• recurring: utility bills, home maintenance/repairs, gardening
  • non-recurring: costs of moving, upgrading HVAC, electrical and hydraulic systems, new furniture, household items; emergency repairs, emergency fund, a fund for retirement; vacation, big purchases (you have also to think in the long run).

 

How much house do you qualify for?

 

On top of your debt-to-income ratio, proof of steady income, and down payment amount, lenders will also watch that your cash reserves are enough to cover a certain number of mortgage installments. Most financial advisers recommend to have always at least 3 months of reserves, with 6 months desirable: you should come up with a fixed amount to save each month. That would be necessary to face eventual hard times, like losing job or unexpected big expenses. Be aware that your mortgage payments include: principal, interests, taxes, and home insurance. The total is what will be actually due.

Then, lenders will look at your credit history: they want to know how well you can and will deal with payments, which is clear proof of affordability. Your credit score is directly related to DTI and is obtained from credit institutions, based mainly on your income and transaction history. A higher score means essentially you are in a financial position to afford a pricier house and will get you a lower interest rate, which is crucial to managing the payments in the long term: it is definitely worth taking the time to improve your score, especially if it is less than good. You can check it at one of the major dedicated agencies: Experia, Equifax, or TransUnion.

Again, you are most likely to be approved for a bigger mortgage than you can actually afford: that would be the maximum you can borrow, without representing too much of a risk for lenders. Your home-buying budget should be ultimately established by yourself, because you may also want (and need) to set aside money for other things, such as financing college, retirement, an emergency fund, not to mention mundane expenses. It is best to look at monthly versus annual costs: comparing the total monthly mortgage payments with your monthly income, will let you know how much you have available for all the remaining expenses you may have. Write them down, and then you have home affordability.

 

What salary do you need to buy a $X,000 house?

 

Many future home buyers like to know how much house they can afford based on their salary. This refers to as home buying power.

Financial experts have inferred rules for answering this question:

  • the 3X income rule: if you are currently spending more than 20% of your income on outstanding debts (DTI>20%), you could eventually consider homes worth three times your overall annual income (yours and the spouse’s). For a revenue of $70,000/year, you would afford a $210,000 house at most, acceptable if you are addressing more than $14,000, or $1,167/month, to pay off credit cards, car loans, etc. Of course, you can’t go indefinitely over that 20%
  • the 4Xincome rule: if your DTI is less than 20%, you can potentially buy a house that is four times the amount of your annual income. So, with the same revenue, you could afford a property worth up to $280,000, but again, you still have to count your cash reserves to make down payments and paying closing costs of the mortgage.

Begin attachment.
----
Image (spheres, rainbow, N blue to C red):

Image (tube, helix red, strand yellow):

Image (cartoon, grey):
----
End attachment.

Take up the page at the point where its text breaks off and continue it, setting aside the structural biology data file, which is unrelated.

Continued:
• the 5X income rule: if you are completely free of debts, it is relatively safe to look at properties worth five times your earnings. In this case, it would be possible to afford up to $350,000, while not being exactly a common scenario.

These are just baselines, ballparks estimates (and ego calculations): an online tool plus pen and paper will make showing the real world numbers.

 

What if you can’t afford a house?

 

Let’s suppose you have a beautiful home in mind, but after all the calculations it resulted hard or impossible to afford either in the long or in the short term. You can always take some steps to improve your financial condition.

  • First of all, striving to decrease the amount of outstanding debts. Pay off those as soon as you can, so that you get out from other loans than a mortgage. Not only you will have more money available for the house, but this will automatically increase your credit score over time, which in turn has the effect to lower your future mortgage interest rate: this equals more affordability
  • Creating deposit funds or savings: if you currently have a high debt-to-income ratio, lenders will look at other sources of cash, like large gifts or bank savings as a compensating factor, and may eventually decide to approve you for the mortgage
  • Increasing your income: this is achieved through improving your business productivity or trying to get a more rewarding job and would be of course your best move
  • Making a bigger down payment: this is true if you can face the initial costs of a mortgage, but are likely to lag behind the mortgage payments in the long run, because of additional costs of interests. Being the case, it is advisable to put as much as you can into the upfront payment so that less borrowed money will be under those interests.

If you aren’t successful with these, you have still options:

  • Renting: this can a good alternative, temporary or even permanent
  • Choosing a less expensive home
  • Moving to another city where housing is cheaper
  • Adhering to a local housing assistance program, if you have a low income. 
 

You can afford a house of a certain value, what is next?

 

Compare rates and conditions from different mortgage lenders, re-check your monthly payments, and see how much they fit in your income.